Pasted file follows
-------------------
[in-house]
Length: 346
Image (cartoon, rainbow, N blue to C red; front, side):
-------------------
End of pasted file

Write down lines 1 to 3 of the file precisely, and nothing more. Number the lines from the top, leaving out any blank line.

[in-house]
Length: 346
Image (cartoon, rainbow, N blue to C red; front, side):